CHICAGO—The nation's largest self-storage REITs continue to rackup impressive gains in revenue and occupancy, according to thelatest overview of the industry just published by MJPartners, a Chicago-based firm. But this remarkable run ofgood news has still not kicked off a commensurate level of newconstruction, and the implied cap rates for these properties haveyet again sunk to historic lows.

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“On average, the cap rates for properties in the best locationshave declined 25 bps in just the last 90 days,” Marc A.Boorstein, a principal of MJ Partners, tells GlobeSt.com.“You've got low risk and great returns. And that does not appear tobe coming to an end. I meet a new private equity group consideringself-storage at least once a week. It's amazing and investors wantin.”

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The publicly-listed REIT Public Storage, thelargest storage firm with 2,200 US sites, had an implied cap rateof just 4.3%. Rates for Extra Space Storage,CubeSmart and SovranSelf-Storage, the other major operators, were between 4.9%and 6.2%.

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Occupancy levels for the big four have hit near all-timerecords. As of July 31, Public Storage rented out 94.8% of itsspace, up from 94.0% one year ago. Extra Space, which has more than1,000 locations, had a rate of 92.4%, versus 90.8% last year. Andthe rates for CubeSmart and Sovran, each with 500 or morelocations, went from 90.1% and 88.3%, respectively, to 92.4% and91.0%.

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Revenue increases have followed, and ranged from 5.3% to 8.6%higher than the second quarter of 2013. Net operating incomeincreases ranged from 6.9% to 10.0%.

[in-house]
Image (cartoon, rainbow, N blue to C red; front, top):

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But for a sector awash in so much revenue, new product remainsremarkably scarce. According to Boorstein, the development processremains time-consuming and lenders have not gotten completelycomfortable with self-storage. “It's a retail business thatoperates in areas that frequently have industrial zoning,” he says,“so you are limited in the number of good in-fill sites. It takessix months just to find a site.”

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And once developers select a site, financing becomes the nexthurdle. Whatever the occupancy levels in existing product, bankersstill consider each new development, all of which open with zerooccupancy, a speculative project, Boorstein says. Therefore,instead of establishing funds that could finance giant blocks ofdevelopment in multiple markets, bankers approach self-storage on adeal-by-deal basis, further slowing down new construction. “Thatshould continue for at least several more years.”

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Typically, the big four have expanded by purchasing smalleroperators. Public Storage, for example, has acquired 127 facilitiessince January 2013. On July 1st, for example, it acquired 25properties, mostly in Florida, containing 1.8-million-square-feetfor about $240 million in cash. And the company currently has fouradditional properties in Virginia and the Carolinas with374,000-square-feet under contract for a price of about $40million.

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However, things on the development front may have changed, ifonly slightly so far. Boorstein points out that Public Storagecurrently has 28 properties in various stages of development withcapital deployment currently at about $240 million. Furthermore,the company is looking at a host of potential new sites in keymarkets, and could increase capital deployment to between $300 and$350 million.

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“They are definitely ramping up development. For a $30 billioncompany, it barely moves the needle, but at least it's notzero.”

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Brian J. Rogal

Brian J. Rogal is a Chicago-based freelance writer with years of experience as an investigative reporter and editor, most notably at The Chicago Reporter, where he concentrated on housing issues. He also has written extensively on alternative energy and the payments card industry for national trade publications.